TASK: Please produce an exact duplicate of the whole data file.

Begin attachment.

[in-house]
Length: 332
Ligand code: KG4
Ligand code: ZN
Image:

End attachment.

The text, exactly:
[in-house]
Length: 332
Ligand code: KG4
Ligand code: ZN
Image: